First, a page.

Book Review: The Nobody People by Bob Proehl
I received a review copy from the publisher. This does not affect the contents of my review and all opinions are my own.
The Nobody People by Bob Proehl
Mogsy’s Rating: 3 of 5 stars
Genre: Science Fiction, Fantasy
Series: Book 1
Publisher: Del Rey (September 3, 2019)
Length: 496 pages
Author Information: Website | Twitter
The Nobody People is one of those books with a great premise that maybe looks better on paper than in execution. It is also very ambitious, resulting in some difficulty engaging on my part, simply because a lot was happening and the at times the plot felt all over the place. The novel begins with an introduction to Avi Hirsch, whom I’d initially assumed to be our main protagonist. A former war correspondent, he is a journalist who has taken to doing more local jobs after losing his leg on his last assignment overseas. But due to his expertise on terrorism and explosives, Avi was asked to investigate disturbing reports of young man who was able to carry out a string a suicide bombing attacks at multiple locations without dying himself—and without, apparently, a bomb.
And so begins Avi’s first exposure to the group of super-powered individuals who call themselves “Resonants.” His investigation has drawn their attention, but there is also another reason why they decided to approach him, and that is because they have identified his young daughter Emmeline—whom Avi had always just assumed was especially precocious and gifted—as one of them. Their leader, a man named Bishop, has established a school which he would like Emmeline to attend, where she would be able to learn to use and control her powers.
Eventually though, with the occurrence of even more high-profile cases involving Resonants in the news, they are forced to reveal themselves, and as expected, the response is not exactly friendly.
First off, that author Bob Proehl was inspired by the X-Men is immediately obvious. In fact, if he hadn’t made so many deliberate references to comic books, I might even have called this book a blatant copy-cat rather than the homage it’s probably meant to be. He’s borrowed a lot of ideas from the X-Men universe, from little details like the Bishop Academy in New York to the overarching themes of marginalization and bigotry against the mutants—oops, my bad, I mean the Resonants. This in itself isn’t a negative, per se, since I love the X-Men and Proehl is by no means the first author to be influenced by the comic or use its tropes for himself. That said, I was a little taken aback by how bold some of these similarities were, and a little disappointed that this book wasn’t a tad more original. At times, the story even had a fanfic vibe to it that I found hard to shake.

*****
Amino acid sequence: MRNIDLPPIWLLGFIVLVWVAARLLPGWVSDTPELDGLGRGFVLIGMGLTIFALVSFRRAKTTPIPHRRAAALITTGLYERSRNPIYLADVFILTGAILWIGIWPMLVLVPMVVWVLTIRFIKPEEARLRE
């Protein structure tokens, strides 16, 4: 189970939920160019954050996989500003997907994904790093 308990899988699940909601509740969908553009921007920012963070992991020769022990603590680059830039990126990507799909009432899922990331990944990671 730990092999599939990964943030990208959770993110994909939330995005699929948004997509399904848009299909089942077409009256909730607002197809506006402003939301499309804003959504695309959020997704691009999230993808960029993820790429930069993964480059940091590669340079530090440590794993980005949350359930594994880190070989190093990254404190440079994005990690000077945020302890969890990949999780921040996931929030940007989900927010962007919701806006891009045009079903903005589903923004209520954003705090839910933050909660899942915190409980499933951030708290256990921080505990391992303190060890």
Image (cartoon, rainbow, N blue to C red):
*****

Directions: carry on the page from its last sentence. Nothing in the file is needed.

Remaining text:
But my main issue with The Nobody People, as I’ve alluded to already, is the fact that there is just SO. MUCH. GOING. ON. There is a lot of conflict, but not really a unifying thread to make everything feel cohesive. Like I said, I started the book thinking Avi was the main protagonist, and the first handful of pages made me think we were settling for a detective story. Of course, that belief was quickly dispelled as we were introduced to the Resonants, and ultimately, it was Fahima Deeb, a queer Muslim woman with an uncanny supernatural connection to mechanical objects who ended up taking over the reins. But throw in other POVs like Emmeline, Patrick, Carrie and many more others, over time it became increasingly more difficult to feel emotionally invested in each character equally. There were a lot of names to keep track of, and some inevitably fell through the cracks and felt undeveloped, uninteresting.
The story also dragged and rambled at times, coming across as more episodic like a TV series rather than having a distinct beginning, middle, and end (which, while we’re on the topic, was very abrupt and I can’t say I was a fan of the ending at all). To the book’s credit though, I have to say there were many highlights and memorable moments, plus plenty of intrigue. I just wished that all these ideas, themes, plot points, and character motives could have been better pieced together to form a smoother, more cogent and convincing narrative.